Nezaket Ekici and Shahar Marcus
10.10.2014 - 11.01.2015
They are encounters under extreme circumstances: in the Dead Sea, in the desert, underground, as partners, in confrontation, in a fight for survival. In Relation is a joint project by the Turkish-German performance artist Nezaket Ekici (* 1970) and the Israeli artist Shahar Marcus (* 1971). Their physical meeting in the various performances that the two have developed and realized since 2012 symbolizes a grappling with elementary questions, such as one’s own position in time, space, culture, and religion. As performers with many years of experience internationally, they employ their own bodies as a medium to build up forces and energies, to resolve tensions and conflicts and make art about them. By pushing their own physical limits, they cause their works to revolve in no small measure around the limits of cultural and political difference.
In their video performance Salt Dinner, we see the two artists sharing a meal in the Dead Sea. They hand each other water-soaked food, drink wine, break bread—always careful to maintain balance and not to be carried away by the waves. It is an exhausting process that exposes them to excessive salt intake and the burning sun. An ironic metaphor for religious rituals and the presence of death in the midst of life.
Water and salt are recurring elements in the joint works of Ekici and Marcus. They are the basic prerequisites for our life but can also, as in the Dead Sea and the desert, mean its opposite. In their collaborative performances, the artists thus sensitize us to the fact that we have to constantly remain aware of the time and space in which we live, in which what apparently goes without saying no longer exists the next day and which everything flows. It is certainly, in the philosophical sense, about the insight that our lives move between this world and the beyond, thus representing a temporal event on the boundary between life and death. What remains in the end is, perhaps, the encounter with ourselves and the knowledge who we are—when alone and when engaging with another.
The performance installation Floating Ourselves shows Ekici and Marcus in confrontation with each other. They stand at opposite ends of a long table covered with countless glasses of water, each fixated on the other with deadly earnest. Infinitely slowly, they move toward each other without shifting their gazes. With each step forward, they empty a glass of water and place the glass in one of the pockets of their white costumes until they are filled to bursting. Finally, they stand facing each other and embrace at one go. What looks like a synchronous choreography is revealed over the course of the performance to be an act of force between characters who could not be more different.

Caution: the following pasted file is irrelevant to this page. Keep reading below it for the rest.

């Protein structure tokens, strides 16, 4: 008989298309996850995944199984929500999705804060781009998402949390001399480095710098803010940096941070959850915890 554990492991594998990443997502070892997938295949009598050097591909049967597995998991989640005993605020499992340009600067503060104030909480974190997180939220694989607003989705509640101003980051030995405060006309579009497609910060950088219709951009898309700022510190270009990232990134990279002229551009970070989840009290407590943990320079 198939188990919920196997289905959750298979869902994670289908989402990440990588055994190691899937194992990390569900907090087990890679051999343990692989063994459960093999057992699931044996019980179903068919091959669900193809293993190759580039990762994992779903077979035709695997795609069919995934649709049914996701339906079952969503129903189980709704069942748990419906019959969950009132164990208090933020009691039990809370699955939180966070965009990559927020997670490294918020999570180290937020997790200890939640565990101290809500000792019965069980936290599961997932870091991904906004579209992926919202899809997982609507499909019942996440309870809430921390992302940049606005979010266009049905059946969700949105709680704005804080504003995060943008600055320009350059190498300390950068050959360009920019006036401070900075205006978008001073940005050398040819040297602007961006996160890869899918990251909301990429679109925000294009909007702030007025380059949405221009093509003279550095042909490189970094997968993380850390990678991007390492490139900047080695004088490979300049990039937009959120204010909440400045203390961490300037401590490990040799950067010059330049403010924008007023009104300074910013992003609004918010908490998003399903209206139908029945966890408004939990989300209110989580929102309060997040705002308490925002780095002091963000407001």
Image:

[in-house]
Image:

These are powerful images for the encounter between people who differ in sex, temperament, and descent as well as metaphors for emotional, physical, and psychological tension, attractions and aversions in relation to each other.
On the occasion of their large-scale exhibition at the Stadtgalerie, Ekici and Marcus are taking a look at the history of mining in the Saarland in a new video production: shot in the middle of the industrial landscape on the Lydia slagheap and in the mysterious Schlossberg caves in Homburg. This video produced especially for and in Saarbrücken reflects the extraordinary character of a landscape characterized by mountain industry and illustrates its effects on human lives.
In the video performance Fossils, we encounter Ekici and Marcus as an isolated pair of human beings in a new desert: this time it is a gray landscape of slagheaps, where they move in search of useful (mineral) resources. What they find is what is left behind by coal mining: they bring this slag back whence it came: underground, into a mysterious labyrinth of caves where their camp is located. It consists of a bed, a resting place, but one that does not offer the performers any protection. Their camp appears to be extremely tense and constantly threatened by falling remnants of stone, until the bed becomes a coffin under the weight of the accumulated slag. Does humanity suffocate under what it has wrested from nature? Or is this too an image of the human connection to the earth on which they live and by which they, like all living things, are absorbed when they die.